Finding oxygen in an exoplanet’s atmosphere is a clue that life may be at work. On Earth, photosynthetic organisms absorb carbon dioxide, sunlight, and water and produce sugars and starches for energy. Oxygen is the byproduct of that process, so if we can detect oxygen elsewhere, it’ll generate excitement. But researchers have also put pressure on the idea that oxygen in an exoplanet’s atmosphere indicates life. It’s only evidence of life if we can rule out other pathways that created the oxygen.
Earth has had a long and complex history since its formation roughly 4.5 billion years ago. Initially, it was a molten ball, but eventually, it cooled and became differentiated. The Moon formed from a collision between Earth and a protoplanet named Theia (probably), the oceans formed, and at some point in time, about 4 billion years ago, simple life appeared.
Those are the broad strokes, and scientists have worked hard to fill in a detailed timeline of Earth’s history. But there are a host of significant and poorly-understood periods in the timeline, lined up like targets for the scientific method. One of them concerns UV radiation and its effects on early life.
A new study probes the effects of UV radiation on Earth’s early life-forms and how it might have shaped our world.
A lot has to go right for a planet to support life. Some of the circumstances that allow life to bloom on any given planet stem from the planet’s initial formation. Here on Earth, circumstances meant Earth’s crust contains about 5% iron by weight.
A new paper looks at how Earth’s iron diminished over time and how that shaped the development of complex life here on Earth. Is iron necessary for complex life to develop on other worlds?
According to the most widely accepted theories, evolutionary biologists assert that life on Earth began roughly 4 billion years ago, beginning with single-celled bacteria and gradually giving way to more complex organisms. According to this same evolutionary timetable, the first complex organisms emerged during the Neoproterozoic era (ca. 800 million years ago), which took the form of fungi, algae, cyanobacteria, and sponges.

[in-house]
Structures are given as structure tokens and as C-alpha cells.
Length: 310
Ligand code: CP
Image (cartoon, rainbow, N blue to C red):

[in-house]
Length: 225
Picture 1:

However, due to recent findings made in the Arctic Circle, it appears that sponges may have existed in Earth’s oceans hundreds of millions of years earlier than we thought! These findings were made by Prof. Elizabeth Turner of Laurentian University, who unearthed what could be the fossilized remains of sponges that are 890 million years old. If confirmed, these samples would predate the oldest fossilized sponges by around 350 million years.
The last few years has seen an explosion of exoplanet discoveries. Some of those worlds are in what we deem the “habitable zone,” at least in preliminary observations. But how many of them will have life-supporting, oxygen-rich atmospheres in the same vein as Earth’s?
A new study suggests that breathable atmospheres might not be as rare as we thought on planets as old as Earth.
Billions of years ago, Earth’s environment was very different from the one we know today. Basically, our planet’s primordial atmosphere was toxic to life as we know it, consisting of carbon dioxide, nitrogen and other gases. However, by the Paleoproterozoic Era (2.5–1.6 billion years ago), a dramatic change occurred where oxygen began to be introduced to the atmosphere – known as the Great Oxidation Event (GOE).
Until recently, scientists were not sure if this event – which was the result of photosynthetic bacteria altering the atmosphere – occurred rapidly or not. However, according to a recent study by a team of international scientists, this event was much more rapid than previously thought. Based on newly-discovered geological evidence, the team concluded that the introduction of oxygen to our atmosphere was “more like a fire hose” than a trickle.